Resources

1. Celebrating the Art and Science of Mary Shelley’s Masterpiece:  A Research Guide created by the Douglas D. Schumann Library and Learning Commons at Wentworth Institute of Technology 
https://library.wit.edu/guides/frankenstein 

2. Frankenstein: a Research Guide created by the Cardinal Cushing Library at Emmanuel College 
http://library.emmanuel.edu/sp/subjects/guide.php?subject=frankenstein 

3. A Matter of Life and Death: A Research Guide created by the MPCHS Library 
https://mcphs.libguides.com/c.php?g=878810 

4. Excellent “Why Frankenstein Is Still Relevant” series from Slate
http://www.slate.com/articles/technology/future_tense/2017/01/why_frankenstein_is_still_relevant_almost_200_years_after_it_was_published.html 

including “A Cheat-Sheet Guide to Frankenstein and Its Legacy for Scientific Innovation” 

http://www.slate.com/articles/technology/future_tense/2017/01/a_cheat_sheet_guide_to_frankenstein_s_role_in_scientific_innovation.html 

“How Franken- Lurched Its Way Into Our Lexicon” :

http://www.slate.com/articles/technology/future_tense/2017/01/the_rise_of_the_franken_prefix.html 

 

“The Problem with Playing God” :

http://www.slate.com/articles/technology/future_tense/2017/01/frankenstein_and_the_problem_with_playing_god.html 

“The Weird Science that Inspired Mary Shelley to Write Frankenstein” :

http://www.slate.com/articles/technology/future_tense/2017/01/the_science_that_inspired_mary_shelley_s_frankenstein.html 

“What Frankenstein Has to Do With Anti-Vaxxers”:

http://www.slate.com/articles/technology/future_tense/2017/01/what_frankenstein_has_to_do_with_anti_vaccination_activists.html 

“The Heated 19th-Century Debate Over Animal Experimentation”:

http://www.slate.com/articles/technology/future_tense/2017/01/experimental_animals_frankenstein_and_the_19th_century_s_debates_about_scientific.html 

 “What A.I. Researchers Can Learn from Frankenstein—by our keynote speaker Charlotte Gordon!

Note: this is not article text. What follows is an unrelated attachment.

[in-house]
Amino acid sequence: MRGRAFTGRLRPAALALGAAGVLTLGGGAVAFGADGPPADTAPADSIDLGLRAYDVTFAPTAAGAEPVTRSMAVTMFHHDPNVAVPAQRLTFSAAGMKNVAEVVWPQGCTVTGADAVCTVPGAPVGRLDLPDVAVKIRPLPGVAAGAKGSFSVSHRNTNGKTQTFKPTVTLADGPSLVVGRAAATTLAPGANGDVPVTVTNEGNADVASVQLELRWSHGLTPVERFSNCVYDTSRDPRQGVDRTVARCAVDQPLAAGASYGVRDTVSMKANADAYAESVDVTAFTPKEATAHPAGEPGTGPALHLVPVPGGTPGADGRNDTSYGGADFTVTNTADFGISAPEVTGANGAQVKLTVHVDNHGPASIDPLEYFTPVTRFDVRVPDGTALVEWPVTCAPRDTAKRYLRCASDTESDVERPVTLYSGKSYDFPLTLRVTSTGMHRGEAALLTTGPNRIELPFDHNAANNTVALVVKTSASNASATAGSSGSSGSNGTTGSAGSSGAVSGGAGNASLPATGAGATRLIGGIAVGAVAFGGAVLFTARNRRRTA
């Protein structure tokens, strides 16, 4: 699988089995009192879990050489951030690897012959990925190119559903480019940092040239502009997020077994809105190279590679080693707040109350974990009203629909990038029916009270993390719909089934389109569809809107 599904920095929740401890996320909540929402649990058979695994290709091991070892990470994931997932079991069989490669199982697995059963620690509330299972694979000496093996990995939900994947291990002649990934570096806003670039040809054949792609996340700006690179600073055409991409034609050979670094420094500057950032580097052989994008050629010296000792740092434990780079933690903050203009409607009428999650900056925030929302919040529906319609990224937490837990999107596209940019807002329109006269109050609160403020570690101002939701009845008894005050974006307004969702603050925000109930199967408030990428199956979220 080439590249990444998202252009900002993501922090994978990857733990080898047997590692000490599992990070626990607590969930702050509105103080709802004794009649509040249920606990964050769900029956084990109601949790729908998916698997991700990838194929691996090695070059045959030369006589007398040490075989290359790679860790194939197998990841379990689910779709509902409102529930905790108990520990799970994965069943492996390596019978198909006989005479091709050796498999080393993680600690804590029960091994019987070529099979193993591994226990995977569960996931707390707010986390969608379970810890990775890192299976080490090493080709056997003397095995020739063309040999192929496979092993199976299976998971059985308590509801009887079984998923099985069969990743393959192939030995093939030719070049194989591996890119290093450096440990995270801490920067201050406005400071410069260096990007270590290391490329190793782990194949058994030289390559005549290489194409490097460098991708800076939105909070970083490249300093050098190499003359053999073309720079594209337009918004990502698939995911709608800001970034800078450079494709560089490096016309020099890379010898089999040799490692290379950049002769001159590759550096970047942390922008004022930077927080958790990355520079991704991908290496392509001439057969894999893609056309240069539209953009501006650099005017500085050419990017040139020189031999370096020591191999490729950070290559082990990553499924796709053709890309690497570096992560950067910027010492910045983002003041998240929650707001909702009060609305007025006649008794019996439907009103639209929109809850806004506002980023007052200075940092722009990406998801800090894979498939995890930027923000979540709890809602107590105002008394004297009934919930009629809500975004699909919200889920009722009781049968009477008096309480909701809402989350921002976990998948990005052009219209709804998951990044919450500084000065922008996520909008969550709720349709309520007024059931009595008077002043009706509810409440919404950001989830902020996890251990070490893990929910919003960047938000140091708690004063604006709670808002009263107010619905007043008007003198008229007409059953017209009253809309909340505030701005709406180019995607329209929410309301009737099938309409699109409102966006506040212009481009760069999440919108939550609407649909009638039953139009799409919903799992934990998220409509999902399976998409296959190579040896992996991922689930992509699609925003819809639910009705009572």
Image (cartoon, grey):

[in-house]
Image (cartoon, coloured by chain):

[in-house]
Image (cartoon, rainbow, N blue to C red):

http://www.slate.com/articles/technology/future_tense/2017/01/what_artificial_intelligence_researchers_can_learn_from_frankenstein.html 

“How Frankenstein’s Monster Became Sexy” :

http://www.slate.com/articles/technology/future_tense/2017/01/why_frankenstein_adaptations_now_make_the_monster_sexy.html 

and “How Frankenstein Helps a Modern Bioengineer Think about His Own Work” :

http://www.slate.com/articles/technology/future_tense/2017/01/how_frankenstein_helps_a_scientist_think_about_his_research.html 

5. A vast compendium of info about Shelley, the novel, and its after-life in popular culture, created by Keats-Shelley Association of America: 

https://frankenreads.org/resources/ 

This includes a section on teaching Frankenstein: 

https://frankenreads.org/resources/teaching-frankenstein/ 

The “Teaching Frankenstein” section includes these articles from The New York Times: 

https://www.nytimes.com/2017/02/15/learning/lesson-plans/teaching-frankenstein-with-the-new-york-times.html 

https://www.nytimes.com/2016/06/12/world/asia/china-body-transplant.html 

https://www.nytimes.com/2016/07/27/upshot/building-a-better-human-with-science-the-public-says-no-thanks.html 

6. Arizona State and their Center for Science and the Imagination have been working on this Frankenstein project for a couple of years. The homepage is especially rich.  Check out the game:

https://csi.asu.edu/category/projects/frankenstein-bicentennial/ 

7.  In addition to its new volume Frankenstein, Annotated for Scientists, Engineers, and Creators of All Kinds, MIT’s commitment to the text includes this fantastic resource: 

https://www.frankenbook.org/ 

See especially the “essays” and “media” tabs. 

8. A Library Guide created by WIT’s Schumann Library and Learning Commons: 

https://library.wit.edu/guides/frankenstein 

9.  For enthusiasts of geography and the digital humanities, see this Frankenstein atlas: 

https://www.jasonmkelly.com/frankensteinatlas 

10. A fabulous Medical Humanities site from Stanford that explores Frankenstein: 

https://med.stanford.edu/medicineandthemuse/events/FrankensteinAt200.html 

11. A public humanities article on Mary Shelley’s mother, the feminist Mary Wollstonecraft:

https://aeon.co/classics/to-end-patriarchy-woman-must-first-seize-power-over-herself

12.  For business and finance students, see The Fear Index by Robert Harris, a well written, highly relevant contemporary novel about artificial intelligence and the stock market:  

https://www.amazon.com/Fear-Index-Robert-Harris/dp/0307948110/ref=sr_1_1

13. An hour-long radio show about Frankenstein; the second half includes a broad-ranging conversation about the many approaches we can take to Shelley’s text: 

http://www.wbur.org/onpoint/2018/02/12/working-in-the-lab-late-one-night